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Why are Aldi and Lidl currently so successful?

Why are Aldi and Lidl currently so successful?

A low cost business model that maintains strategic alignment is arguable at the centre of Aldi’s and Lidl’s success.

In September 2015 continuing strong sales saw Aldi and Lidl achieve combined sales of over 10% of the UK grocery sales. Since 2011 both companies have seen their UK sales more than double, as their ‘no frills’ strategy has resonated with consumers post global economic crisis. Aldi and Lidl offer a limited range of own branded products at extremely competitive prices, bucking the trend of other UK supermarkets who offer an increasingly broad range of products centred around a juxtaposition of own label and branded products. The other UK retailers have also supported strategies that until recently have been heavily reliant on price promotions. This has a disruptive effect on the demand pattern not only for the product on promotion, but other products in the same category, and often indirectly related products. This undermines the ‘Every Day Low Price’ (EDLP) strategies that supermarkets such as Tesco and Morrisons were based upon. A true EDLP strategy which strives to keep prices as low as possible, requires demand to be as ‘stable’ as possible to enable, the whole end-to-end supply chain to develop an efficient, lowest possible cost supply chain response. Promotions disrupt the supply chains ability to do this which is why in February 2016 it was announced many UK retailers would move away from the particularly disruptive multi-buy promotions.

Why are Aldi and Lidl currently so successful

At the heart of the Aldi and Lidl success is excellent strategic alignment between their commercial and supply chain strategies, which includes segmentation. This enables them to more effectively balance demand and supply. With a more stable and predictable under-lying demand pattern, this removes the need for costly buffers against uncertainty across the supply chain. They work closely with suppliers to minimise supply chain cost, so they are able to offer a genuinely low price to consumers. Both organisations recognise the need to offer the consumer some form of ‘excitement’ to create consumer interest and bring consumers to store. This is achieved through the sale of special products on designated days of the week. I first visited Aldi in response to one of their ‘camping’ sale days. The camping event was targeted at the start of the camping season, and offered a range of good quality, non-branded camping supplies, with a 3 year guarantee at a fraction of the price. I had to get there quick as the sale was on a ‘When-Its-Gone-Its-Gone’ or WIGIG basis. This is a smart promotional mechanism for a number of reasons. Firstly, it sets consumer expectations. You know you need to get to the store quickly or you will miss out. It puts the responsibility in the consumer hands. Secondly, it also enables the retailer to try and buy slightly ‘short’ (i.e. slightly less than they think they will sell) to avoid being left with costly inventory. Finally, as these events are planned months if not years in advance and are co-ordinated across all stores, it enables a different type of special event supply chain strategy to be deployed. The products are often bought in full container loads, from the Far East in high volume which ensures their price competitiveness.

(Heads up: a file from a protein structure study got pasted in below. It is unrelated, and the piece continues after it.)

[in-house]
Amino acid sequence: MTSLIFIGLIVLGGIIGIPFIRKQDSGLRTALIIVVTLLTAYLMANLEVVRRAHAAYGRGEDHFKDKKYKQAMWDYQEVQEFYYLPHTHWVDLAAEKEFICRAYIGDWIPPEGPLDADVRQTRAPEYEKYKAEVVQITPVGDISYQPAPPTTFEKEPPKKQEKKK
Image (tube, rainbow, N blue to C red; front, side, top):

Aldi and Lidl are testament to what can be achieved if strategic alignment is at the heart of the business model, with supply chain as an integral part of strategy rather than an afterthought.

Talking point

  • Can you think of other business models that have achieved strategic alignment?
  • Does this involve the identification of different demand patterns, and a segmented of differentiated supply chain response?
  • Can you think of a company / industry that may benefit from this type of thinking?
© University of Warwick
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